Russian national Maria Butina has been charged by criminal complaint with conspiring to act as a Russian agent without prior notification to the Attorney General and with having furthered the conspiracy by a few otherwise innocuous acts. The case is prosecuted by the Department of Justice and the United States Attorney for the District of Columbia. Yesterday I noted the case, quoted the complaint regarding the overt acts manifesting the conspiracy and posted the affidavit of FBI Special Agent Kevin Helson that laid out the story.
Send in the clowns. The case has excited the media with thoughts that the cops are closing in on President Trump.
I thought the case would be good for a day’s headlines, the prosecutors stretched it to two with allegations that they made against Butina at a pretrial detention hearing. Successfully portraying Butina as a flight risk, the government opposed bail and Magistrate Judge Deborah Robinson denied it. The government’s memorandum supporting pretrial detention is posted here together with Helson’s affidavit. I have embedded the government’s memo with the attached affidavit below.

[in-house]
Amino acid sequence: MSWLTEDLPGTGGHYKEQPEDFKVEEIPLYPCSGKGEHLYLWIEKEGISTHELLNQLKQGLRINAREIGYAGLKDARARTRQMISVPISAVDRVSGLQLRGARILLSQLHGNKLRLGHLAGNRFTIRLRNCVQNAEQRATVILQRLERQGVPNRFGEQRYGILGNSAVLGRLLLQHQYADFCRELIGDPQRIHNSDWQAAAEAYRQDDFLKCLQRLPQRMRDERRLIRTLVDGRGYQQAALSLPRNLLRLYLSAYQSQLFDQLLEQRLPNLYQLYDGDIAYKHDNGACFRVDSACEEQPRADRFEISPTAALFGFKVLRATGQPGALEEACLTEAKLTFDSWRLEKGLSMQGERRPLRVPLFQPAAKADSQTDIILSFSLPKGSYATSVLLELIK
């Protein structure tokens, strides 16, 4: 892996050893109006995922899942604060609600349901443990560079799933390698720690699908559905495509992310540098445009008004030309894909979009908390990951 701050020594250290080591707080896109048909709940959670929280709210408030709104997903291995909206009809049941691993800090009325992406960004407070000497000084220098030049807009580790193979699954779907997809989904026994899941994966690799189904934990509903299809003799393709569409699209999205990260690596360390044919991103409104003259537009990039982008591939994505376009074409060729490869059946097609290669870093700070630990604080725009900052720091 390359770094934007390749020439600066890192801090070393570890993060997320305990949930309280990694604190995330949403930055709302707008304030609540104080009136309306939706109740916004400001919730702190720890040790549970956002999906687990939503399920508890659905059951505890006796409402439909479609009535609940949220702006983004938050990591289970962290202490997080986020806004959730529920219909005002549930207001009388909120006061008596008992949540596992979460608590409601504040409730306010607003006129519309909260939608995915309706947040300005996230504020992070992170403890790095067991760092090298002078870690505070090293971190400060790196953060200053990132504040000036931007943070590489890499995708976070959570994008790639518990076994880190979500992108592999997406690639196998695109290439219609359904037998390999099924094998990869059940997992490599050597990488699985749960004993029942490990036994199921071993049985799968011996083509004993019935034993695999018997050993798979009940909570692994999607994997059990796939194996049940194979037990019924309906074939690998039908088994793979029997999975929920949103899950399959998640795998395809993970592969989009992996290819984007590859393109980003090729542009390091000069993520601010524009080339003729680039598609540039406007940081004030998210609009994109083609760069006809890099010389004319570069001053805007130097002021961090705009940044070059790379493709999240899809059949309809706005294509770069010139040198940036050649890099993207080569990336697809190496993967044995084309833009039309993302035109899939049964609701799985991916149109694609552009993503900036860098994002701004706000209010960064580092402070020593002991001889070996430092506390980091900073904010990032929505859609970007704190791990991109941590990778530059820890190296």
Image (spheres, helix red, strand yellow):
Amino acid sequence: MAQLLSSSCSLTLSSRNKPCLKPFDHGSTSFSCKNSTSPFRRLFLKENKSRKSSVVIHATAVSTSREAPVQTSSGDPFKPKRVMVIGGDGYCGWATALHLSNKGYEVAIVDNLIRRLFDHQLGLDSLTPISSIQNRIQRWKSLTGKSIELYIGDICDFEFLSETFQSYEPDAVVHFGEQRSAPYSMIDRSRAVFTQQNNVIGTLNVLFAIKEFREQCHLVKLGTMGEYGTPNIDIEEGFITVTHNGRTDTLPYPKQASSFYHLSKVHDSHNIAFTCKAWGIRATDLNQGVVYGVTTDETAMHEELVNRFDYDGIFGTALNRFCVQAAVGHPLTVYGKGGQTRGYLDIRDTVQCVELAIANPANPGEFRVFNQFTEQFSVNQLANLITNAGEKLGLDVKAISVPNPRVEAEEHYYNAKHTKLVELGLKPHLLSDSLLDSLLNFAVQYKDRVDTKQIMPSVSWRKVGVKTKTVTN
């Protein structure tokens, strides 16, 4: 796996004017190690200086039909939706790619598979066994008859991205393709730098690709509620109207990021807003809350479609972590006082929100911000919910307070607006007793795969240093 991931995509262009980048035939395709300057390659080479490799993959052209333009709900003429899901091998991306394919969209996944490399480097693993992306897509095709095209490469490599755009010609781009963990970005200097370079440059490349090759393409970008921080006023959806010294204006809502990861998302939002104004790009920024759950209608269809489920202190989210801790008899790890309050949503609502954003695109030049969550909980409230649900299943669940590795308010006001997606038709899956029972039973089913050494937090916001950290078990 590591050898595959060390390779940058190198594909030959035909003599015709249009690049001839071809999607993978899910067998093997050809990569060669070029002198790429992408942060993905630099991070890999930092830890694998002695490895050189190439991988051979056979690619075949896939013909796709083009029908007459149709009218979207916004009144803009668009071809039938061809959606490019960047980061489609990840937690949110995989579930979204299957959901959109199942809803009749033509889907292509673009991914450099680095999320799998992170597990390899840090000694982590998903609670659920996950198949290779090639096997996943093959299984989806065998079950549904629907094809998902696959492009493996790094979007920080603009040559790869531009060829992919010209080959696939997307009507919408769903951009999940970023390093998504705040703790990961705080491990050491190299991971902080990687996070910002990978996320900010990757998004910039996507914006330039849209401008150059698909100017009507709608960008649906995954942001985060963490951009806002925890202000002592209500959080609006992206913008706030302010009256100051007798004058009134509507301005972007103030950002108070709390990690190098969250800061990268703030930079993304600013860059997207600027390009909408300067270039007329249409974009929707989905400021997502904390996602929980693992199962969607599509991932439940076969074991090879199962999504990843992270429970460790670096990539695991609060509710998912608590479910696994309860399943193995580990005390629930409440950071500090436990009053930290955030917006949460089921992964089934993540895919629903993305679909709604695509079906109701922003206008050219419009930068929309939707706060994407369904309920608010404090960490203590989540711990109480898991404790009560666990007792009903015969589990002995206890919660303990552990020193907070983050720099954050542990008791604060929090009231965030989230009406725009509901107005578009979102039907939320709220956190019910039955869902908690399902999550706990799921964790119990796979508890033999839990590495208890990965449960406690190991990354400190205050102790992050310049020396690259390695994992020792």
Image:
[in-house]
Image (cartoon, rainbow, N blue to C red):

The New York Times story appears here under a headline highlighting the salacious sexual component of the government’s argument. (The headline highlights this sentence: “Apparently hoping for a work visa that would grant her a longer stay, she offered one American sex in exchange for a job.”) As I read the government’s memo under the heading “Additional Information Supporting Detention,” pages 3-9 include unsworn allegations that go beyond the FBI affidavit. The government’s allegation of Butina’s offer of sex in exchange for a job appears at page 8 in this part of the memo.
The substantive criminal statute that Butina is charged with violating is 18 U.S.C. 951(a): “Whoever, other than a diplomatic or consular officer or attaché, acts in the United States as an agent of a foreign government without prior notification to the Attorney General if required in subsection (b) [rules and regulations establishing requirements for notification], shall be fined under this title  or imprisoned not more than ten years, or both.” The statute is separate and apart from the Foreign Agents Registration Act the requirements of which Paul Manafort is charged with violating. The Times notes in paragraph 8 of its story that Butina “has not been charged with espionage.”
Eric Felten provides a good guide to the case in the Weekly Standard article “Behind the indictment of Maria Butina.” I thought that interested readers might want to take a look at the primary documents with their own eyes to get some idea of what is happening here and what isn’t.